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Daniel Sylvester Tuttle

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Portrait of Bishop Tuttle at age 69[1]


Bishop Tuttle at age 33[2]

Daniel Sylvester Tuttle (January 26, 1837-April 17, 1923) was ordained a bishop of the Episcopal Church in 1866. His first assignment was as Bishop of Montana, a missionary field that included Montana, Utah, and Idaho.

He moved to the vast territory in 1867, establishing his residence in Salt Lake City. In 1880 Montana was removed from his mission, leaving him with Utah and Idaho. In 1886 he was called to serve as bishop of Missouri.

During Tuttle's residency in Salt Lake City, he oversaw the construction of St. Mark's Cathedral, the first non-Mormon religious building in Utah, followed by the establishment of St. Mark's School for boys and girls in 1867, St. Mark's Hospital in 1872, and Rowland Hall school for girls in 1881.[3]

From 1903 until 1923, Tuttle served as Presiding Bishop of the Episcopal Church in the United States of America. The presiding bishop, at the time of Tuttle's consecration, was the senior bishop in order of consecration.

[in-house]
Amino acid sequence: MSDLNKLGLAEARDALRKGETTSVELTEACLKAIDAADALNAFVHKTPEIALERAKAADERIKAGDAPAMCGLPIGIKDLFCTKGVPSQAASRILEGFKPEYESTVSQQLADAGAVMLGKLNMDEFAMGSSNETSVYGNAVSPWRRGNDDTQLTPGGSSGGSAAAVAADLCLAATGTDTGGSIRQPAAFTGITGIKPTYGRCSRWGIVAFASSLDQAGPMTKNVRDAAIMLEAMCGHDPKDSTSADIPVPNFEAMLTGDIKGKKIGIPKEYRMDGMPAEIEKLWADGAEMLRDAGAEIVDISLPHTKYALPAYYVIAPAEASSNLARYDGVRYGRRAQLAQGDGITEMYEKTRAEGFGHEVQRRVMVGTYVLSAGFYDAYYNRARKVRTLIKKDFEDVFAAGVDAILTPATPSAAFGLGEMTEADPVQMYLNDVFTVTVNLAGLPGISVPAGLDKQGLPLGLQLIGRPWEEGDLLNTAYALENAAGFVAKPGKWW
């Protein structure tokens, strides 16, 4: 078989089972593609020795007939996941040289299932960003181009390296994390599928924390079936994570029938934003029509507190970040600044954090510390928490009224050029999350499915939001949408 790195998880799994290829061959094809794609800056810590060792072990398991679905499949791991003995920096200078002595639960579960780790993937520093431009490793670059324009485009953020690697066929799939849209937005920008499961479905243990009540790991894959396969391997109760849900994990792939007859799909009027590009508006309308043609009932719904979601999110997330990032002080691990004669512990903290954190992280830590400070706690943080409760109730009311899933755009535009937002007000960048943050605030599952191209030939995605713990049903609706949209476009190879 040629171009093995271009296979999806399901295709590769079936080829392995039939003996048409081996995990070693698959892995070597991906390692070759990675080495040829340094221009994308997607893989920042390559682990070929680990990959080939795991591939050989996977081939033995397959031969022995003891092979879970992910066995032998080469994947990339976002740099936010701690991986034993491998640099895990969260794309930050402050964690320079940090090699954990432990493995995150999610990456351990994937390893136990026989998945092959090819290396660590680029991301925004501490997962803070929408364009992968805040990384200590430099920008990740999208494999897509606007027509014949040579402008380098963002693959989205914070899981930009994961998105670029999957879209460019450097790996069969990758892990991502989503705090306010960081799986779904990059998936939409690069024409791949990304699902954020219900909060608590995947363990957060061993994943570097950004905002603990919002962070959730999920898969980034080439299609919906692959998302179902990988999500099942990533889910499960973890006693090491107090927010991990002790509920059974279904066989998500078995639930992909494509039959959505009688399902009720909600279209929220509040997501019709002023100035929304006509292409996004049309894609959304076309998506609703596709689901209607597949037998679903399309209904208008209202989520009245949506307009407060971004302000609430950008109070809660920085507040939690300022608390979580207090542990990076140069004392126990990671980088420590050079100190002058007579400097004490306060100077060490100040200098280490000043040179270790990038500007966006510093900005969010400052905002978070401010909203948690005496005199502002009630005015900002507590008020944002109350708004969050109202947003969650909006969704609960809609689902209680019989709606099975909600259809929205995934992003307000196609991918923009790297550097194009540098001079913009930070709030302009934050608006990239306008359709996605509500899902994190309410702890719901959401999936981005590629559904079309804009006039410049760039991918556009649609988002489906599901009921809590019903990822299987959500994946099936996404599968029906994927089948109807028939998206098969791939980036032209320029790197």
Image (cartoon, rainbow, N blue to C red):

Tuttle wrote a memoir, called Reminiscences of a Missionary Bishop, published in 1906. His memoir has extensive first-person accounts of his service among the Mormons in Salt Lake City, including his meetings and other dealings with Brigham Young and other local leaders.


  1. Tuttle, Reverend D. S. (1906). Reminiscences of a Missionary Bishop. New York: Thomas Whitaker. frontpiece. 
  2. Tuttle, Reverend D. S. (1906). Reminiscences of a Missionary Bishop. New York: Thomas Whitaker. p. 238. 
  3. Quinn, Frederick Building the "Goodly Fellowship of Faith" - A History of the Episcopal Church in Utah - 1867-1996. Utah State University Press, Logan, Utah, 2004, chapter 1.

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